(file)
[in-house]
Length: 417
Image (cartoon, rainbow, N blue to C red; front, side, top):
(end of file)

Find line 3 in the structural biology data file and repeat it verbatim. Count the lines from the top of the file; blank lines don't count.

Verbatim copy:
Image (cartoon, rainbow, N blue to C red; front, side, top):